Works on Paper
December 4, 2005 – March 1, 2006
This exhibition is now closed.
There is no admission fee to visit The Gallery at Windsor. Exhibition visitors are invited to support The Windsor Charitable Foundation with a suggested donation of $10. This gift is tax-deductible and is designated to support local arts education.
About the Exhibition
The Gallery at Windsor’s sixth exhibition was the traveling show, Peter Doig: Works on Paper, curated by Kadee Robbins, Director at Michael Werner Gallery, London. Opening in December 2005, the exhibition was a retrospective look at the Anglo-Canadian artist’s themes of the prior 14 years as seen exclusively through his paper works. It consisted of about 50 pieces and was Doig’s first show in a public gallery dedicated solely to his works on paper.
Doig uses images drawn from photographs, film stills, postcards, paintings and even album covers, which he then re-works and re-interprets, often many times over. He is also influenced by the notions of memory and fantasy. Much of his work has an element of autobiography but avoids specificity. Whether drawn from found images or personal recollections, Doig’s pictures possess an ephemeral quality, a timeless ambiguity that is at once foreign and familiar. Often regarded primarily as a landscape painter, Doig is not tied to precise locales but rather captures what he terms “nowhere places.”
The exhibition was accompanied by a full-color catalogue with introduction by the renowned author Margaret Atwood.
About the Artist
Peter Doig is a contemporary Scottish artist, celebrated as one of the most important representational painters working today. Born in Edinburgh in 1959, he soon after moved to Trinidad where he spent his early childhood. In 1966, he moved again to Canada, remaining there until 1979 when he left for London to attend Wimbledon School of Art.
Doig received his B.A. degree from St. Martin’s School of Art in 1983 and went on to get his MA from the Chelsea School of Art in 1990. With his 1994 Turner Prize nomination, Doig became a central figure in Britain’s increasingly high-profile art scene dominated at the time by the provocative YBAs (Young British Artists). Unlike many of these artists who chose to break with traditional materials, Doig became known for his signature atmospheric oil paintings and haunting works on paper.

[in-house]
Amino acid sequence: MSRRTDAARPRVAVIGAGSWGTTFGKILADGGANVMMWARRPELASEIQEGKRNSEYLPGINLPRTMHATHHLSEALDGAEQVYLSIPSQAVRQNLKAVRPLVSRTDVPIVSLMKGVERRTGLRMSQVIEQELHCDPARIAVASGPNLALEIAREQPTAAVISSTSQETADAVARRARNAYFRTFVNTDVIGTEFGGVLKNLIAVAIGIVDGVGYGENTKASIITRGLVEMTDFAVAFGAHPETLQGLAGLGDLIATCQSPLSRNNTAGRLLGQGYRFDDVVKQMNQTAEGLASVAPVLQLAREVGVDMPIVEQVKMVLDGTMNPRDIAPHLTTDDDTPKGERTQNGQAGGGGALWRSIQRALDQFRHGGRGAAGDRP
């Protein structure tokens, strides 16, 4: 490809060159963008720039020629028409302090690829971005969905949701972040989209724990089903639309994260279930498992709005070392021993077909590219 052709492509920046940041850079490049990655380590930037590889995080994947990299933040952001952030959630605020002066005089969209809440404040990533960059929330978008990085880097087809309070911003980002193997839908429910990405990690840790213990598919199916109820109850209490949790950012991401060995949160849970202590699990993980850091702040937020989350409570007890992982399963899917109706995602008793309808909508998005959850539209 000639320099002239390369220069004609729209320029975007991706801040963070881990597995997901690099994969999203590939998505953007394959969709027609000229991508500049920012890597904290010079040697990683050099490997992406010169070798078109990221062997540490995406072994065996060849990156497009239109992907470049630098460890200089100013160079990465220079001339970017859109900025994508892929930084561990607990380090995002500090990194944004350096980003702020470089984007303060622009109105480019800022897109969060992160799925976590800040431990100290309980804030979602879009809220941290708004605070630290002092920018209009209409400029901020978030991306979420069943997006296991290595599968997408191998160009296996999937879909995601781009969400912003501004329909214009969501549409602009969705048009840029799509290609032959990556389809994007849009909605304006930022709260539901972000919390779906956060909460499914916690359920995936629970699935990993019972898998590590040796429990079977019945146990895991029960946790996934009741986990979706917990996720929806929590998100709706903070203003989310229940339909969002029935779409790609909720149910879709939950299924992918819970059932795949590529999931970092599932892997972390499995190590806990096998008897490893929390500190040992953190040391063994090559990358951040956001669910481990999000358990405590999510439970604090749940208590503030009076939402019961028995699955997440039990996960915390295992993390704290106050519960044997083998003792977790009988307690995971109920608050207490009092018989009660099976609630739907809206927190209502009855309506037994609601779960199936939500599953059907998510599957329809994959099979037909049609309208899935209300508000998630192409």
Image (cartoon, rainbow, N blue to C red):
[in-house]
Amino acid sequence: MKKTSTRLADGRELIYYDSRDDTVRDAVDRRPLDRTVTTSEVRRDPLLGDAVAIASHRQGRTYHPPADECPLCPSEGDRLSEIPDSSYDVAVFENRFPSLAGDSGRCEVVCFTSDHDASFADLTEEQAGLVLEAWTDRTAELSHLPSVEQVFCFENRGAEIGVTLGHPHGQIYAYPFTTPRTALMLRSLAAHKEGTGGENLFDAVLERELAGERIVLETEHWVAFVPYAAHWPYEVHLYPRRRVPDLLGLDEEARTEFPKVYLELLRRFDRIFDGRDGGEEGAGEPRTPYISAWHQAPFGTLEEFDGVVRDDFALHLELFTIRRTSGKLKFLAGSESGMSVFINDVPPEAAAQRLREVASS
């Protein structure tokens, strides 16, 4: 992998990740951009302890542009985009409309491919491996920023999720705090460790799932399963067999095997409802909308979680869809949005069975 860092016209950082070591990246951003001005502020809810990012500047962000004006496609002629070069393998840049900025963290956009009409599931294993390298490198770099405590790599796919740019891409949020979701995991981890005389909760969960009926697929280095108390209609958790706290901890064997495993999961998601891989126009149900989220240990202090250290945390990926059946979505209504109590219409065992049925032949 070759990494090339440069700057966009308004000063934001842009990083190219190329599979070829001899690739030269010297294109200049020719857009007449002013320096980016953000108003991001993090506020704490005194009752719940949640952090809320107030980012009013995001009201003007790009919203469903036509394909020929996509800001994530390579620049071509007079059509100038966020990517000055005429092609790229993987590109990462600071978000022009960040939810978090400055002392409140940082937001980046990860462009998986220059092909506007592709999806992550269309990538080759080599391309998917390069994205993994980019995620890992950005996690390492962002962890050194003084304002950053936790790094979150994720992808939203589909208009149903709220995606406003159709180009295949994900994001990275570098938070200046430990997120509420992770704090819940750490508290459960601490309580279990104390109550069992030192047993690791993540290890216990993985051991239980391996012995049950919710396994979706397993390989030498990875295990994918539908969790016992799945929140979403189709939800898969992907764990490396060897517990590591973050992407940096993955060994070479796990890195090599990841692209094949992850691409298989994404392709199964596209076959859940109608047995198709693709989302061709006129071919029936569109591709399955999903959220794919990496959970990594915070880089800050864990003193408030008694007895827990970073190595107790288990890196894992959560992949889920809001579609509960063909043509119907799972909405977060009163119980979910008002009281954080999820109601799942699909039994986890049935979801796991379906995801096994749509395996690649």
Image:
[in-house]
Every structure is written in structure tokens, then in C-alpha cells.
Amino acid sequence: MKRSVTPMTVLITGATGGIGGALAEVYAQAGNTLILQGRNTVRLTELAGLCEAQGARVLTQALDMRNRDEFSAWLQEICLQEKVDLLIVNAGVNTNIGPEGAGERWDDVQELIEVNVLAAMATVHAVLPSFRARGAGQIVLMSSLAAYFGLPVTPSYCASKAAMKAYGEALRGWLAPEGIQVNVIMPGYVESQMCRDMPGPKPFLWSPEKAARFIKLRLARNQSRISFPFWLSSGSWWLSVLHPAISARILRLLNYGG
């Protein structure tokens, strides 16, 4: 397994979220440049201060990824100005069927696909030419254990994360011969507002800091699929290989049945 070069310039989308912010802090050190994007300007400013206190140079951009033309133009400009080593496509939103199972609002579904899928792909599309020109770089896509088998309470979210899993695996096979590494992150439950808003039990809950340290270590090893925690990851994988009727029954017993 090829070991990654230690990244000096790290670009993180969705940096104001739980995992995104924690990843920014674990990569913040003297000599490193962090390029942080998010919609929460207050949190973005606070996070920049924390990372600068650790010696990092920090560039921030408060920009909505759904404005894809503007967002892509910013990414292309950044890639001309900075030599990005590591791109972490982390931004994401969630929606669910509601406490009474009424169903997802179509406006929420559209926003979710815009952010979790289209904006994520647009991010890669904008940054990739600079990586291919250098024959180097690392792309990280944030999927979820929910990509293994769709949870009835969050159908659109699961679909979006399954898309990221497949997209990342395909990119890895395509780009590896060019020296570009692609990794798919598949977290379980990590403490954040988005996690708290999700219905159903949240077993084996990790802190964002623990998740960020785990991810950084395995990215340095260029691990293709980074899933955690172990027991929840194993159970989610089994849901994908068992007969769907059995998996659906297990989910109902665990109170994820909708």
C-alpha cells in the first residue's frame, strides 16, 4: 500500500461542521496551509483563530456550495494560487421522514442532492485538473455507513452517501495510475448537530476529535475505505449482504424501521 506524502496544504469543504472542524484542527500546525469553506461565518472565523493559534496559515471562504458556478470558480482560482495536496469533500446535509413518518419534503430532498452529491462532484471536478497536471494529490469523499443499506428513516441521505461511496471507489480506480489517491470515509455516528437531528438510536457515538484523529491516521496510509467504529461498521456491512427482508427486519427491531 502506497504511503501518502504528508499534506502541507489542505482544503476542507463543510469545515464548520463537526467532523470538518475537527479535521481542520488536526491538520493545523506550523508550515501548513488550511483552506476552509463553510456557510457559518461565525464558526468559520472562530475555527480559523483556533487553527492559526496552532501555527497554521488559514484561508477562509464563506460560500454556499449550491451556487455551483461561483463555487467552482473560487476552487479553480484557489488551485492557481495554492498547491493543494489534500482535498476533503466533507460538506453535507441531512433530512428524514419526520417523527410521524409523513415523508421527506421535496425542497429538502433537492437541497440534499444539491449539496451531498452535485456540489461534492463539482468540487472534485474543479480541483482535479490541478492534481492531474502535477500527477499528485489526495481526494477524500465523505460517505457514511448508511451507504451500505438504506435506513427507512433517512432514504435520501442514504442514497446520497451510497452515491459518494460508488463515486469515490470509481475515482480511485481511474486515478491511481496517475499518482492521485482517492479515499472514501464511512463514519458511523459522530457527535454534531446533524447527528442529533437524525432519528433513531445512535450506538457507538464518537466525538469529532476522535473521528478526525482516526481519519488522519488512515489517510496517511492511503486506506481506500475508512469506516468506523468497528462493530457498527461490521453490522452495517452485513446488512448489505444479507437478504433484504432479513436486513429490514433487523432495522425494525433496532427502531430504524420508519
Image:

In 2007, his painting White Canoe sold at Sotheby’s for $11.3 million, which was at the time an auction record for a living European artist. In 2013, his painting, The Architect’s Home in the Ravine, sold for $12 million at a London auction. Doig has lived and worked in Trinidad since 2002. Today, his works are held in the collections of the Art Institute of Chicago, the National Gallery of Art in Washington, D.C., the Tate Gallery in London, and the Goetz Collection in Munich, among others.
Works on Paper
ISBN 0-974611-62-X, hardback, 176 pages, 8.5 X 11 inches, published by Windsor Press.
The Works on Paper exhibition (December 4, 2005 – March 1, 2006) was a retrospective look at the Anglo-Canadian artist’s themes of the past 14 years as seen exclusively through his paper works. It consisted of about 50 pieces and was Doig’s first show in a public gallery dedicated solely to his works on paper.
Doig credits such inspirations as Hopper, Munch and Matisse. He re-works and re-interprets images drawn from photographs, film stills, postcards, paintings and even album covers to explore notions of memory and fantasy. Doig’s haunting and atmospheric work is often compared to the early 20th-century paintings of the Symbolists and Surrealists and is seen as having revived the Romantic spirit. He was nominated for the Turner Prize in 1994 and has been featured in the 54th International Carnegie Exhibition as well as many leading museums including the MoMA, the Art Institute of Chicago, the Tate, and the Dallas Museum of Art.
The hardback book includes an introduction by the renowned author Margaret Atwood.